In 2011, an estimated 83% (107 million) of infants worldwide were vaccinated with three doses of diphtheria-tetanus-pertussis (DTP3) vaccine. Three regions ' the Americas, Europe and Western Pacific ' maintained over 90% DTP3 immunization coverage. Number of countries reaching 80% or more immunization coverage with DTP3 vaccine in 2011: 162 countries compared to 158 in 2010. The number of countries reaching over 90% DTP3 coverage remained at 130 in 2010 and 2011.
Elections have been a vital part of democratic transitions, decolonization, and the implementation of peace agreements around the globe, and the United Nations has played a major role in providing international assistance through these important processes of change.
The organization has supervised and observed plebiscites, referenda and elections worldwide and increasingly focuses its electoral efforts today on providing technical assistance to help Member States build credible and sustainable national electoral systems. More than 100 countries have requested and have received UN election assistance since 1991.
Learn more about the UN Department of Political Affairs and its Electoral Assistance Division.
The United Nations Development Programme (UNDP) is the major implementing body for UN electoral support, providing technical assistance, mainly in development contexts; but often as important parts of integrated peacekeeping operations. In 2011, for example, UNDP provided electoral assistance to 58 countries in Africa, the Arab States, Asia Pacific, Latina America and the Caribbean and Europe and the CIS.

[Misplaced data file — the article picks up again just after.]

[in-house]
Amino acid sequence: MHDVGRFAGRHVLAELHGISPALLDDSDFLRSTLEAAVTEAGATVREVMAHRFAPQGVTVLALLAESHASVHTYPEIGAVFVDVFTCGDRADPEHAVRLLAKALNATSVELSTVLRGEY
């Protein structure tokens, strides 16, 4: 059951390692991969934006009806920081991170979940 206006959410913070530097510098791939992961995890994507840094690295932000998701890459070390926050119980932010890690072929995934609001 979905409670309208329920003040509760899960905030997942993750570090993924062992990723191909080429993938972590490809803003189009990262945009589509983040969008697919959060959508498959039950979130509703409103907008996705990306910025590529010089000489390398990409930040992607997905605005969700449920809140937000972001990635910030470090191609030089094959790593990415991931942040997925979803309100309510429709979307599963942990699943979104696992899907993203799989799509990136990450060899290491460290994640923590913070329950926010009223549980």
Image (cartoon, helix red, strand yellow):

As a trusted multilateral partner serving 166 developing countries around the world, United Nations Development Programme is uniquely positioned to help advocate for change, connect countries to the knowledge and resources they need, and coordinate the efforts of the UN at the country level. UNDP invests nearly $US1 billion every year in fighting poverty and advancing progress towards the MDGs.
For the first time both the number of people living in extreme poverty and the poverty rates fell in every developing region—including in sub-Saharan Africa, where rates are highest. In the developing regions, the proportion of people living on less than $1.25 a day fell from 47 per cent in 1990 to 24 per cent in 2008. In 2008, about 110 million fewer people than in 2005 lived in conditions of extreme poverty. The number of extreme poor in the developing regions fell from over 2 billion in 1990 to less than 1.4 billion in 2008. The current economic crises besetting much of the developed world must not be allowed to decelerate or reverse the progress that has been made.
Learn more: www.undp.org
Every day, almost 800 women die in pregnancy or childbirth. Every two minutes, the loss of a mother shatters a family and threatens the well-being of surviving children. Evidence shows that infants whose mothers die are more likely to die before reaching their second birthday than infants whose mothers survive.
Of the hundreds of thousands of women who die during pregnancy or childbirth each year, 90 per cent live in Africa and Asia. The majority of women are dying from severe bleeding, infections, eclampsia, obstructed labour and the consequences of unsafe abortions--all causes for which we have highly effective interventions.
UNFPA has also teamed up with four partners, UNICEF, the World Bank, World Health Organization and UNAIDS, to accelerate progress in saving the lives of women and newborns. Collectively known as the 'The Health 4+' or 'H4+', the five agencies have pledged to support countries with the highest maternal mortality rates.